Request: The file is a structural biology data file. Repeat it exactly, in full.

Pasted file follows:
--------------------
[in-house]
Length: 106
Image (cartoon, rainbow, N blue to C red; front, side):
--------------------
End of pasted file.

[in-house]
Length: 106
Image (cartoon, rainbow, N blue to C red; front, side):